He’s not spiritual. He opposes redemption, church, priests, God. He hates them. Maybe it’s his revenge for the existential injustice that led to his wife’s death (even if it’s suicide). He burns all the tracks that could show the way through settlement in the light of the Name.
He is in touch with Life only in the peaceful, empty room. Which might be the void that awaits for a Meaning to be given. The empty room is his empty soul. No law in it. Just a continuous passion. Free passion for everything that pleases him. Like sex with a beautiful, sensitive young woman. Apparently, he does everything for oblivion. Tormented sex could be the best way. 

Schneider’s character (Jeanne) is blocked for a second. She doesn’t know what it needs to be done in a place without laws: ‘So what do I have to say and do I have to do ?’. He just invites her into the journey: ‘Come on the good ship, lollipop’. It’s like saying, ‘It’s not important to know exactly what to do, but to flow with the ship, the good ship’.  He concentrates the dialogue upon the body, to the exploration of it. He stopped to believe in spirit. Maybe he never believed. His ONLY reality is the BODY. Jeanne regains her childhood, her innocence. In this room, innocence cohabits with sexuality without any problems.

Jeanne calls him an egoist, and she’s right. He is an egoist and a misanthropist. I know, he loved his wife. but she was the only person he’s ever loved. Anyway, his love for her must had been strange that she committed suicide. Now, he’s looking for any possible tricks to make the life bearable. He uses what he can.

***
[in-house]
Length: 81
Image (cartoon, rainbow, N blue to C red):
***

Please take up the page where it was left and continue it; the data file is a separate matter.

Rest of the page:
The big warning of the film is: Human Reason is pure shit. It can not succeed. It can not solve the major problems of the existence. You are doomed to finiteness. In the end, everything goes chaotic. When the roots of your life disappear, when you’ve got no motivation, it means you run out of reasonable (artificial) meanings. You have to go authentic. And this authentic CAN NOT BE GIVEN BY REASON, which (Reason) is shit !! Reason can not cope with trauma. It can not cope with nothing essential. You have to transcend the mind, the pathetic history of yours, the headquarters of your many social habits. The society, the impersonal is what kills you for good. You need to get out. To rebuild yourself following an instinctive path. What do people do in order to hide their emptiness ? Paul confesses to his mother in law: ‘they take drugs, play music...they are afraid of the dark’…the dark in their empty soul. We are estranged and artificial beings. All the time. We learned to react through a social programme. It’s not really you, it’s a preset behaviour.

Paul’s struggle is very consuming. In the end, he tries to bring some sense in his empty room by getting a new bride. He curses afterwards the dead bride, the dead wife which is also dressed like a bride. He’s terribly upset that he wasn’t able to discover the true nature of the woman, true nature of his wife.

In the end, he pledges for identity, for a life in the country side with sun and cows. It’s probably his last bid of getting into ‘normality’. ‘Tango as a rite’. He is not going to be accepted in this new (maybe fake?) posture. Jeanne has just shot a stranger. She prefers the artificial life with that young, impersonal boy, which is the most despicable expression of stupid humanity.

Indeed, woman isn’t meant to be understood but loved.

Did I talk about us or did I talk only about my own disease projected on the film ?